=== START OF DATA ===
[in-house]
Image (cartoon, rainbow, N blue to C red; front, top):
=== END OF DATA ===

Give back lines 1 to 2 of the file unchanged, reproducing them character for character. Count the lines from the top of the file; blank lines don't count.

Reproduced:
[in-house]
Image (cartoon, rainbow, N blue to C red; front, top):